Hence tR = tAE + tAX + tAN         (4.5.2) 

Where, tAE is the aerobic react time (h), tAX is the anoxic react time (h), and tAN is the anaerobic react time (h). 

Volume exchange ratio (VER) and hydraulic retention time (HRT): Due to filling and decanting phase during a cycle, SBR operate with varying volume. Volume exchange ratio (VER) for a cycle is defined as VF/VT, Where, Vis the filled volume of wastewater and decanted effluent for a cycle and VT is the total working volume of the reactor . 

HRT for the continuous system is defined as   

Sequential Batch Reactor Computer Science Engineering (CSE) Notes | EduRev(4.5.3)
 Where, Q is the daily waste water flow rate. For SBR systems;  

Sequential Batch Reactor Computer Science Engineering (CSE) Notes | EduRev (4.5.4) 
  Where, NC is t he number of cycles per day and defined as: 

Sequential Batch Reactor Computer Science Engineering (CSE) Notes | EduRev (4.5.5) 
 Therefore, HRT for the SBR systems may be given as: 

Sequential Batch Reactor Computer Science Engineering (CSE) Notes | EduRev (4.5.6) 

Solid Retention Time (SRT): In biological treatment of wastewater, excess sludge is withdrawn from the reactor to control the sludge age (SRT). SRT determines the time (d) for which the biomass is retained in the reactor.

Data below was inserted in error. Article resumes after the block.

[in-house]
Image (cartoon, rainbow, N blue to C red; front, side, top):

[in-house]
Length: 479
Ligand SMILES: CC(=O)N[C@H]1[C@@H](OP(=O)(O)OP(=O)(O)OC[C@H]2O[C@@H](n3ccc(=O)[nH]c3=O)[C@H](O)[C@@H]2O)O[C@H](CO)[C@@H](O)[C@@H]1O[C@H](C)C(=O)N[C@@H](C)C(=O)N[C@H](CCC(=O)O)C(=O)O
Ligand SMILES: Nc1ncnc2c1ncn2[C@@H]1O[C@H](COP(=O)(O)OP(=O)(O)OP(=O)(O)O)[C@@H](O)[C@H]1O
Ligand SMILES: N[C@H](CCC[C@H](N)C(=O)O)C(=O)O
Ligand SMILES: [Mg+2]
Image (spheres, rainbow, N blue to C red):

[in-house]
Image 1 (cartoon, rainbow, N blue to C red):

Sequential Batch Reactor Computer Science Engineering (CSE) Notes | EduRev (4.5.7) 
 Where, X is the MLSS in the reactor with full filled (mg/l), Xis the MLSS in waste stream (mg/l), and VW is the waste sludge volume (l). 

 

NITRIFICATION AND DENITRIFICATION 

Nitrogen is the main source of eutrophication. In this regard, the complete oxidation of nitrogen during the treatment is favorable. Biological nitrogen is removed in two stages: aerobic nitrification and anoxic denitrification. In the nitrification process, ammonia (N-NH4+) is oxidized to nitrite (N-NO2-) (equation 3.4.8) by autotrophic bacteria called Nitroso-bacteria and generated nitrite is oxidized to nitrate (N-NO3-) (equation 3.4.9) by another group of autotrophic bacteria called Nitro-bacteria under aerobic conditions and using oxygen as the electron acceptor. 

Sequential Batch Reactor Computer Science Engineering (CSE) Notes | EduRev